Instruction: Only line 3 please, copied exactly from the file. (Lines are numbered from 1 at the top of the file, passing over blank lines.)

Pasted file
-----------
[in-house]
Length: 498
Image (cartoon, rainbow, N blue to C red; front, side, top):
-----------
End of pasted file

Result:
Image (cartoon, rainbow, N blue to C red; front, side, top):